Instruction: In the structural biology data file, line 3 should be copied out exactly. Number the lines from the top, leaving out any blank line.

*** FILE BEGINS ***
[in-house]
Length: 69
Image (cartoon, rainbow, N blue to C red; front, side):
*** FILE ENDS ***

Image (cartoon, rainbow, N blue to C red; front, side):